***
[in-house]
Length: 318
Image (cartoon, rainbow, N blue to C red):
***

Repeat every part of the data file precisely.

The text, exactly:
[in-house]
Length: 318
Image (cartoon, rainbow, N blue to C red):